I received this as a gift many years ago from a special soul who reminds me much of the people in my communities now. She was healing. She’d been hurt. She was a warrior. This book is just as vulnerable and beautiful as she was. What I love about it is that it’s written like a children’s book, yet the message is clearly for adults. While I haven’t tried this, I’m sure it would make for a great bedtime read with your little ones.
Jamie, who was obsessed with NLP, psychology, and cybernetics when we first met, recommended this book, among others, to me. While there are many books from that genre that I think are worth reading, I’ve chosen this one above them all to recommend. The theory in this book reminds me of the Tao, but it’s written like Blink—a winning combination in my eyes.
Mind and Nature: A Necessary Unity
I won’t lie, this is a hard read, but it’s worth it. This book, which is by all standards a non-fiction science and philosophy book, gives me the same feelings as Zen and the Art of Motorcycle Maintenance. There is something beautiful about an academic trying to convey principles that could be (and have been) explained by various modes of spirituality. His perspective is refreshing, moving, and inspiring, but it’s also familiar. If you can stick with the difficulty level of the book, you will get used to it, and it will change the way you see things.
A Return to Love: Reflections on the Principles of “A Course in Miracles”
I confess, I haven’t read the book. I only listened to the audiotape, which is very much abridged. As I was writing The Love Mindset, I stumbled upon Marianne Williamson’s masterpiece, and it was my inspiration for including short, personal stories throughout the pages of my book. At the time, I had written a mix of philosophy and self-help. This book helped my book become what it is now. I find Marianne Williamson’s voice—literally and metaphorically—beautiful. I do warn you that the word “God” occurs frequently in these pages. To consume this book properly, I recommend having an open mind about the potential meaning of words. If you can do that, you’ll love it.
The Structure of Scientific Revolutions
Thomas S. Kuhn
I found this for about a dollar at a sidewalk book sale, and it changed my life. I’ve always loved philosophy, and this book is the philosophy of science. While you’ll run into that with Zen and the Art of Motorcycle Maintenance as well as Mind and Nature, this book is different. It’s a must-read for anyone who is passionate about the search for truth, although I admit that it can put a thorn in your side about the possibility of ever finding it. But as André Gide said,”Trust those who seek the truth but doubt those who say they have found it.” To twist your mind even further, this book should probably be included in that theory. If you’re loving all the mind twisting, you’ll love reading this.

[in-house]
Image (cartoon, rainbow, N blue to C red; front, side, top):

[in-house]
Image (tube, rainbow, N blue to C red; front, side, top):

Flow: The Psychology of Optimal Experience
I heard of Flow long ago and got a digital version, but I didn’t read it until recently. In Thailand, during a particularly nasty tropical storm when the electricity went out, I started reading this book on Jamie’s Kindle. The theory contained in here is reminiscent of Zen Buddhism, so if you’ve explored zen, don’t expect any earth-shattering epiphanies. However, as you can probably tell by now, I love it when Western psychology and science discovers things that have been known in the East for centuries. Although it can be a bit dry, this book is a modern-day requiem for the importance of following our desires, building our dreams, and being completely involved in our lives. It’s also a great alongside read with The Love Mindset because it provides some great tactics for how to achieve a state of mental interconnectedness through purposeful action.
The Power of Now: A Guide to Spiritual Enlightenment